Released in the fall of 2009, the Padron released the Family Reserve #45 in both a Sungrown Natural and Maduro wrapper, the binder and filler too are of Nicaraguan tobaccos; all of the tobacco in each 45th was aged for a minimum of ten years. I’ve bought three of these ten-count boxes, and have been gifted a few as well; and of those three boxes only one sealed box remains, and one loose stick, the stick up for review is one I received yesterday 5/27/10 from a good friend. These are boxed pressed toro’s weigh in at 6 x 52.

The dark chocolate and toothy maduro wrapper has scents of cedar, cinnamon, earth, leather, and manure.

After a 9mm punch the draw is effortless and subtly tight at the same time, the wrapper has hints of anise, butter, cedar, cracked white peppercorns, dark chocolate, leather, and manure.

The toasted foot smells of 65% cacao, cedar, ginger, leather, and pistachios.

The lit draw provides an array of hints including cashews, cedar, Cuban coffee, ground espresso, Madeira, mesquite, and peanuts. The smoke is plentiful with a bone white color, and smells of rich chocolate truffles off of the nose. The ash forms in one millimeter rings and has a salt and pepper complexion. There’s also very subtle hint of chili pepper on the tongue.

From a distance the smoke coming off of the foot of the #45 smells milk chocolate; the band that denotes “Family Reserve” indicates the year 1964, which indicates that the #45 marks the forty-fifth anniversary release.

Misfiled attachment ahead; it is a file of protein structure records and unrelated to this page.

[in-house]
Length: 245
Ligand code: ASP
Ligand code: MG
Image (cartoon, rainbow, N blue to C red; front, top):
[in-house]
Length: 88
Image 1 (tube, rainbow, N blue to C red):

Approximately half an inch in, the hints mellow out with flavors of cocoa, cream, a subtle hint of hickory, and white chocolate. It’s fair to say that both variants of the #45 are full bodied and full strength, however the body and strength of the maduro are closer to the mild end of full for both descriptors, where as the Sungrown natural wrapper has more earthy and peppery notes and more strength. The average msrp for this release is around 24$.

Oh a cone of ligero from the recently tapped ash at the four and s quarter inch mark; and a shift in hints cracked black peppercorns, dark chocolate, ground espresso beans, and mocha; with hints of coffee and yellow peppers off of the nose. And it’s been burning on a slow draw for forty minutes, with four inches remaining.

The box press for all intents and purposes doesn’t round out at the foot, but maintains a box pressed albeit ovoid shape. Three and a half inches, and hints of 65% cacao, cedar, mesquite, and white pepper awaken on the palette.

At three and a quarter inches remaining and an hour later coffees and chocolate hints abound with subtle hints lit cedar and oak; the smoke at this point smells of cream and ground vanilla beans. If I could eat this cigar I would, but it would be a waste of a cigar well worth savoring. On the tongue the aftertaste left is a combination of cocoa and Cuban coffee.

Two and half inches, eighty minutes later, the flavors are mellow and potent simultaneously.

The blend in the #45’s resemble the 1926 Aniversarios more so than the 1964’s; and I find this to be a far more impressive cigar than the 80th Anniversary, the #44, and the Millennium too. I can’t wait to see what the Padron family does with the blend for the #46 to be released this Fall.

At the final inch and three quarters the body kicks it up a notch with hints of cracked black peppercorns, dark chocolate, green peppers, and mesquite; with flavorful hints off of the nose consisting of cocoa, cream, and vanilla; and hints of bell peppers and hazelnut on the tongue; two hours later and an inch remains.


All boxes were acquired from Davidus Cigars on Rockville Pike, Maryland, 20852.

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